Sunday, April 21, 2013

Spreading a Little Goodwill

Does anyone
see me out here?
Today after church we had the chance to write notes to go in the care packages our congregation's high school students will be assembling tonight to send to our college students.  My notes, like those written by others, wished the recipients well with the last few weeks of school. But to each of the notes that wasn't going to a professor's or teacher's kid (they don't need to be told), I added something that I'm pretty sure was unique to my missives: "be nice to your professors; they're stressed out, too."

That earned me an odd look and a comment about the professors being nice to the students from one parent from whom I've seen signs of helicopterish tendencies; another who had had her own difficulties with her college-age son (now 3 years into a 2-year AA degree, and looking like he will actually graduate, to the great relief of all concerned, including, I'm sure, the student himself) seemed to think it was a perfectly fine sentiment.

In any case, a half-dozen or so students in at least 2 states will be reminded, sometime in the next 10 days or so, that their proffies are human, too (in Biblical terms, though I didn't make the argument explicitly, their neighbors).  I don't know whether it will make anyone's end of semester any better, but I figured it couldn't hurt to try (and I did point out to the helicopterish parent that this attitude would ultimately be to the student's as well as the professor's benefit).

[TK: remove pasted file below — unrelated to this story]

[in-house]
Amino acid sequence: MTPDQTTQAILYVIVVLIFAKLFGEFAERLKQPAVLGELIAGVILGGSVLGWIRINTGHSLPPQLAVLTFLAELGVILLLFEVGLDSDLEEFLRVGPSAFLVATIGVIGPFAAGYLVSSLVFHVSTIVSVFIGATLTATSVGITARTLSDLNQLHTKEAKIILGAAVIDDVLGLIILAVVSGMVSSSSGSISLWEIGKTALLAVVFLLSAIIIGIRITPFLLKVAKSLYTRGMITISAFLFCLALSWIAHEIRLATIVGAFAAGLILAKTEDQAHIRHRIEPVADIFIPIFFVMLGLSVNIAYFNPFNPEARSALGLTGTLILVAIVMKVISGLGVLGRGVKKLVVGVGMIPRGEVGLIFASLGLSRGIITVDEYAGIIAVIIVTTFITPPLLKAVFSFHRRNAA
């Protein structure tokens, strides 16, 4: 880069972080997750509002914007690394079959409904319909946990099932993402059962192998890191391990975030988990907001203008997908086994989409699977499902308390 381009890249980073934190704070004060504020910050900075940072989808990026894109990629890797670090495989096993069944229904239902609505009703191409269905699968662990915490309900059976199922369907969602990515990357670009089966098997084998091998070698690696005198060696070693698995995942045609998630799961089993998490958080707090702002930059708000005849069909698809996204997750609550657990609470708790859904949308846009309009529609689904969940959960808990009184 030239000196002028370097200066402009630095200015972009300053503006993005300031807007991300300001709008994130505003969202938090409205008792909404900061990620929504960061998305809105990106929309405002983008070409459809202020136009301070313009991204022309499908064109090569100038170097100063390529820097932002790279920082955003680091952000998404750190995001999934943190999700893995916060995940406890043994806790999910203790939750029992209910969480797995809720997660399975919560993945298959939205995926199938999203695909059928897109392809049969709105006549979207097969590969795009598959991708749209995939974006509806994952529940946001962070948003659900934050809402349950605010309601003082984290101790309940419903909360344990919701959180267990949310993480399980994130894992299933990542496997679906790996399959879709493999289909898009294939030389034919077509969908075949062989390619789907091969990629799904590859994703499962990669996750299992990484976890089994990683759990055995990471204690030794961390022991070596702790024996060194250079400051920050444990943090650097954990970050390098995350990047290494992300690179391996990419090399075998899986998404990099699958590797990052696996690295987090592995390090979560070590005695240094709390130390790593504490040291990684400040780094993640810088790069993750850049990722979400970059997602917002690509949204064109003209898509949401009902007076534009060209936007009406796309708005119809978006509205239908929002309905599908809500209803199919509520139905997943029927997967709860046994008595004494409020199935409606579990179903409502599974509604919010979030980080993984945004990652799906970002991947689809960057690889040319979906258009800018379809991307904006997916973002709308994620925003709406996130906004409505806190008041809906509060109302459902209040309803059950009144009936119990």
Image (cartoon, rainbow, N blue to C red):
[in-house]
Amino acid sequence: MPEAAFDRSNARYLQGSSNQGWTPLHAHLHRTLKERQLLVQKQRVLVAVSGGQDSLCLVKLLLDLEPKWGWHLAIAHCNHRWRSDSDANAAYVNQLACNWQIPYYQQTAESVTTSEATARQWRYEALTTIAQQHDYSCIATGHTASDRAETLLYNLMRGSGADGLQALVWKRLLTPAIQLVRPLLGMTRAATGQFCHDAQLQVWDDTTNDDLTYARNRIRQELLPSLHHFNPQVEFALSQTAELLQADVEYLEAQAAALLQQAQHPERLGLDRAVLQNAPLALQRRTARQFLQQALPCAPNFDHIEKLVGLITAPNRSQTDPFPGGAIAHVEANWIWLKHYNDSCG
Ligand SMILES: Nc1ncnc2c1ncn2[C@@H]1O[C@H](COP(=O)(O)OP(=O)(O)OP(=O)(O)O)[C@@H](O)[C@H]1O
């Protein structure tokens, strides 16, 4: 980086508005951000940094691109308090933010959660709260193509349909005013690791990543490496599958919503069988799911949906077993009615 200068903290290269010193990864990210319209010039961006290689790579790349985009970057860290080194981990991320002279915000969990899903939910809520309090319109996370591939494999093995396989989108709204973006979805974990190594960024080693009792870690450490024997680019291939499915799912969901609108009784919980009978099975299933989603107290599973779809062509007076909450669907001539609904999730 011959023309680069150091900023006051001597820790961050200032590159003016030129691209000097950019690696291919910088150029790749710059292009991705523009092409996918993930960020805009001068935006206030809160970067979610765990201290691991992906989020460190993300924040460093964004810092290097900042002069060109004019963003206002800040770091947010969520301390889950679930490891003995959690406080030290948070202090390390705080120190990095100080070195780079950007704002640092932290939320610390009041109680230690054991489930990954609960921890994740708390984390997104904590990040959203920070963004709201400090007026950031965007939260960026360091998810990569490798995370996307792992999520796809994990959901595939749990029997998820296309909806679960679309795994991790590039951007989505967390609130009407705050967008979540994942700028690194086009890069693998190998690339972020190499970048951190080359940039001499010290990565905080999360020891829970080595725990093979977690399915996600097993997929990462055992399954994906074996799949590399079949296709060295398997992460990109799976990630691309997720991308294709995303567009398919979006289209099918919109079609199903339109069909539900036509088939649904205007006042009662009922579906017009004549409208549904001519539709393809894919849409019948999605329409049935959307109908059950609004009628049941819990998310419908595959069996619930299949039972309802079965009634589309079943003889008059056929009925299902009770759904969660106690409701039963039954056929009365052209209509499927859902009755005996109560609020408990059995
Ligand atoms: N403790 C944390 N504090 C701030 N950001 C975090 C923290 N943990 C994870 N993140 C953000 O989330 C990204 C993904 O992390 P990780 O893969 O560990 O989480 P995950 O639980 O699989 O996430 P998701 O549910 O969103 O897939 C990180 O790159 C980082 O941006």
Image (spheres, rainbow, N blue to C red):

1. What a thoughtful gesture (to send care packages) and to remind students that proffies are human, too. Maybe we need pins that indicate so: "I'm human, too!"

  2. I'd actually prefer it if they think of me as a robot: a robot that will fail them if they don't do the work. I cannot compute your excuses, human.

  3. Goodwill is good, so to speak. Bless you for making the effort.

  4. This was a great idea, Cassandra! I hope it will make them think. The helicopter parent reminds me of a relative who had a lot of trouble in school. She once got very upset when she heard me make a comment that could be interpreted that some people simply are not ready/able for college level work. The right teacher, she said, a person who KNOWS how to teach, can make ANY person ready and able for college level work. The problem is, to get all the BAD teachers out and get GOOD teachers, who can do this, in. She was a huge W fan and at that time there was a lot of talk about all the bad teachers.

    I never talk about work at all in front of her. I find it is best not to talk about it in front of any family.

  5. Good on you, Cassandra. A helpful reminder given a very appropriate context.